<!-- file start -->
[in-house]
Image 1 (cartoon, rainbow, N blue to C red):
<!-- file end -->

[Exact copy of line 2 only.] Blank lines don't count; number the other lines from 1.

Image 1 (cartoon, rainbow, N blue to C red):